For the development under unusually severe constrictions of time and equipment of many exemplary experimentation techniques, and for generating data vital to successful on-time completion of competitive tests involving the UTTAS and AAH Programs in support of the source-selection process.
  • ABC Team
  • Sikorsky Aircraft Div. of United Technologies Corp.

For the development of the advancing blade concept research helicopter. The success of this concept opens the potential of applying lifting rotors to much higher speeds and load factors than has been heretofore possible.
The award was accepted on behalf of the ABC Team by President Gerald J. Tobias
  • Thomas H. Sanders
  • Manager-HLH
  • Boeing Vertol Co.

For development of the HLH Fly-by-Wire Control system, wit full recognition to Ralph Trueblood of Charles Stark Draper Laboratory, and James Matthews of AcLabs for prior work in this area.
Sanders now is manager- LAMPS Technology.
  • No Award Presented
  • Jan Drees
  • Bell Helicopter Co.

For development of the nodalized beam concept for reducing helicopter vibration.
Drees and his coworkers at Bell have developed and successfully demonstrated a nodalized beam system that virtually prevents rotor-induced vibrations from being transmitted to a helicopter fuselage. Scientific benefits include ride smoothness and increased maneuver capability with the anticipation of improved subsystem life and reduced structural fatigue.
  • Aircraft Division, Engineering Team
  • The Hughes Tool Company

For development of the world's quietest helicopter.
  • The Boeing/Vertol Model 347 Team
  • Boeing

For developing new standards in helicopter flying qualities, vibration and noise.
  • S-67 Black Hawk Advance Fire Support Team
  • Sikorsky Aircraft
  • US Army

For research and development during 1969 leading toward the development of advanced helicopters.
  • Sikorsky Aircraft

For successful development and demonstration, thereby proving the utility and practicality of the flying crane concept by company sponsored efforts.
  • Edwin J. Ducayet, HUEY/COBRA Team
  • Sikorsky Aircraft

For the successful and timely development of an attack helicopter for the escort and direct aerial fire support roles.
  • Air Rescue and Recovery Service Military Airlift Command
  • US Air Force

For conceiving and fostering operational in-flight refueling of helicopters from standard tanker aircraft, thereby increasing effective helicopter ranges to the limits of crew capability.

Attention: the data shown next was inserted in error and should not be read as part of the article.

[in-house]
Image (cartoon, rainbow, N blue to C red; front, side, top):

• Paul J. Carpenter
  • Director of Systems
  • USA Aviation Materiel Laboratory

For his foresight and leadership in fostering and directing research which established the technical feasibility of high-speed helicopter flight.
  • No Award Presented
  • No Award Presented
  • US Army 11th Air Assault Division, Ft. Benning
  • 11th Air Assault Division, Ft. Benning
  • US Army
  • Sikorsky Aircraft Engineering Team
  • Sikorsky Aircraft

For development of the HSS-2 which claimed four world speed records for the United States.
Carlos C. Wood. Sikorsky Engineering Manager, accepted the award.
  • Combat Development Office of US Army Aviation School
  • US Army Aviation School

For its outstanding work in the field of helicopter development. For the development of the helicopter as a close air support combat vehicle, thereby significantly increasing its military effectiveness. The award presented to Major General Ernest F. Easterbrook, Commander of Army Aviation Center.
The combat development office developed the successful helicopter armament program which has provided an integrated company strength helicopter squadron adequately armed to provide reconnaissance, fire suppression, and tank and transport vehicle kill capabilities completely integrated with troop and cargo supply transport in mobile front line warfare. With this concept, the Army has demonstrated full-scale combat exercises with groups of helicopters including company -sized units of up to forty helicopters during the year 1960.
  • Igor I. Sikorsky

For his outstanding pioneering work in the development of the crane helicopter.
  • Vertol Engineering Staff
  • Vertol Aircraft Company

For design, development and successful test flight of the Vertol 76, the first tilt wing aircraft to perform successful conversion.
The award was accepted by Lee Douglas, Vice President, for Vertol Engineering Staff.
  • Leon L. Douglas
  • Kurt H. Hohenemser

Cached May 27, 2024 2:39:27 PM CDT